If you would like to donate to the Moderator’s appeal then please contact Sue Willgoss, or 8267-4382.

If you would like to contribute to the work of the Rural Chaplains then please contact Sally-Anne Davis, or 8838-8933

 Julie Greig, Rural Chaplain

Friday, 14 March 2014

The life of the Rural Chaplain is not all....

                There is also a lot of ....

    It's not all life on the open road meeting interesting characters.                                            
              There is also  lot of work done on the phone, in the office,
or on the phone out of the office!

 Sometimes there's time for distraction..........if we can manage to get Julie off task!

although only because it was Anne's last day in Australia!

But then there is the Beauty you find on the way to places,

......and always,always... the Promise that God is with you.

Friday, 7 March 2014

Sometimes It's a Long Road to Get There.

                              Sometimes it's a long road to get there but it's the only way to go.
The road fromWeilmoringle to Enngonia.
Travelling is very much part of the Rural Chaplain's job and sometimes it's a long way between places but travelling between places is not the only journey chaplains do.

Sometimes the road to be traveled in getting a program in place is just like a road journey; preparations have to be made.

 Before any new venture is started in a community the chaplain has to visit and get to know the people there. Programs and events do not come ready made, one size fits all. Each one is tailor made to suit the community and importantly, ideas often come from the community itself. The chaplain does not drop in and 'solve it all.'

Getting to know people well where they live.
People in any community know the place they live in and know its needs.
Sometimes that has already been articulated before the chaplain gets involved and the task then is to work out how to make it a reality. This may mean obtaining funding or expertise not available in town to bring an idea to life.This was the case with Hillston senior's computer group and the Weilmoringle Book Buddies. In both cases individuals in the town recognised a need and the chaplain found a way to make it happen. Thus Hillston seniors got computer workshops and Weilmoringle got books into the town via Book Buddies.

 Sometimes people may know the need but don't know how to meet it or may not have access to professionals who can help. Thus the Waste Not Want Not  program and an Adult Literacy and English as a Second Language program was suggested and set up.Sometimes a community may be in crisis or facing on-going difficulty and an in-depth,on-going venture like a mental health support team is introduced into town or, as in Weilmoringle, it may be simply an event like the Good Day Out is all that is needed as a means of lifting the spirits so people know they are not forgotten.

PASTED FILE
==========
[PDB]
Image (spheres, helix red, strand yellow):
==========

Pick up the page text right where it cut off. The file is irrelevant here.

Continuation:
Carpark at the Good Day Out, Weilmoringle
Nothing is done without a lot of behind the scenes preparation to get it right and make it sustainable. Programs have to be devised, grants have to be found and applied for,willing workers - volunteer or professional - have to be sourced.

But before all this happens the community is consulted , sometimes over a long period of time to make sure what is planned is really what is needed for that particular situation. Consulting the community is like consulting a map.You have to get to know an area to travel it well. Sitting down, listening and talking is very important. 
We have all seen what happens when an agency comes into a place and provides a "solution" that seems like a good idea from far away but really shows no understanding of the real situation.These ventures cost a lot and often fail. The chaplains do their best to make sure this does not happen. They do not want to betray the trust of the people they work alongside.

As you can imagine all this of this takes time, a lot of travel, a lot of thought and ingenuity and a pastoral concern for the communities involved...... (And a poodle!?) *

Darcy and Julie survey the scene at Brewarrina on one of their many travels around Western NSW.
Thus the road traveled by the rural chaplain is often a long one but the final destination makes it worthwhile.

* ( "But of, course!" - Darcy )